Look how we buy our meats and vegetables. Look at where we go to buy them. And this is the food consumers buy most often. You need tomatoes, onions, meat, or fish every other day. This is a core part of life for every consumer. And yet, vendors are chosen purely on the basis of tradition, proximity, or advice.

But this can change with good, strong brands. Especially in a country where there aren’t any competing brands. The real competition is the local fish vendor. And a prevailing mindset. I’m ready to bet we can take them both on.

Building trust in a brand takes time and effort, but when trust is built, it creates a massive opportunity. And this is the opportunity available with perishable food. There is an entire generation of people in India that cares less about tradition and more about quality, nutrition, price and convenience – the millennials. Consumers at that age group are just beginning to form their grocery habits either because they are living on their own for the first time, wanting home cooked food, or having children. And this is the target market for many of the new online brands.

Several companies across food groups have been working hard to build a proof of concept over the past few years. In 2017, I think we’ll see these companies mature, with solid sourcing, refrigerated supply chains, brand promises, and business models designed for customer convenience.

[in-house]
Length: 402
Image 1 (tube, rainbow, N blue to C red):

Many of them will have breakout years in 2017 and on the back of their success we’ll see a lot more companies start up.

2. Subscription businesses

“Competing on products was last century’s competition; now you need to be able to compete on business models” 
Alexander Osterwalder

Nowhere does Mr. Osterwalder’s quote ring truer than in India today. And the one model that’ll lead the charge in 2017 is the subscription. Subscription models offer a compelling consumer proposition. It the ultimate convenience to be able to automate regular purchases, whether it’s:

1. To take advantage of a recurring delivery service (like getting basic toiletries or groceries every fortnight) 
2. In lieu of ownership (like Furlenco or Flyrobe) 
3. An on demand access to a service (like Hotstar or Saavn).

Disclaimer: Lightbox has an investment in Furlenco

Several companies have launched subscription businesses over the past couple of years, and there’s starting to be an acceptance of shopping in this manner. The tipping point for this model in 2017 will be billing.

These businesses are only as convenient as their billing systems. Billing is the most complicated function for subscription businesses and also at its core. We’ve seen this first hand at Furlenco.